The period leading to the Iranian presidential elections is always exciting, and this time it will be no different.
According to a recent article in the Tehran based Baztab online, members of a parallel intelligence agency inside Iran have been arrested after being caught spying on Tehran Mayor and presidential candidate Mohammad Bagher Ghalibaf. The arrested group was collecting information about Ghalibaf's meetings and electioneering gatherings.
In an interesting twist to the story, the head of the counter intelligence agency that caught the group was later removed because he supplied the information to the press.
The report does not mention who were the people spying on Ghalibaf. However one can assume that the person who has the most to lose from Ghalibaf's participation in the elections is Mahmoud Ahmadinejad. He may feel safe about Ayatollah Khatami's participation, because he could assume that Ayatollah Khamenei, who is not usually in favor of reformists, may not allow him to win.
However Ghalibaf who is from within the conservative movement may pose a bigger danger. Unlike Ahmadinejad, he was a senior commander in the Revolutionary Guards, and fought in the war for the entire eight years. This is in contrast to Ahmadinejad's one and half years on the front lines.
Furthermore, Ghalibaf is seen as more moderating force in terms of economic and foreign policy. He has openly spoken out against excessive spending and populist policies of the current government, while calling for a more moderate foreign policy and investment from abroad. This is music to the ears of many conservative supporters, and those who want to support Khatami, but believe that despite his good intentions, Khamenei will never let him win.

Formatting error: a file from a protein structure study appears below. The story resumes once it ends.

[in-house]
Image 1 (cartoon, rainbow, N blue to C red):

There are two other factors which boost Ghalibaf's chances.
One is Ali Larijani's decision not to participate. His participation may have led to cannibalization of votes between the two.
The other is election of Barack Obama. His calls for unconditional dialogue have been heard in Tehran. So have recommendations for him not to meet with Ahmadinejad.
It is very possible that the Supreme Leader may decide that Ahmadinejad's catastrophic economic performance and his foreign policy stance may have cost Iran too much. That his removal may be worth the price for the sake of internal stability, and the chance to reap the benefits of dialogue with the US.
Between all the candidates, Ghalibaf would be the best face saving choice. His election as a conservative candidate would allow Khamenei to choose a middle course which would satisfy conservatives at home and those wanting to approach a more moderate Iran. This is one possibility which should not be ignored.
Meir Javedanfar is a Middle East Analyst at Tel Aviv-based MEEPAS, www.meepas.com
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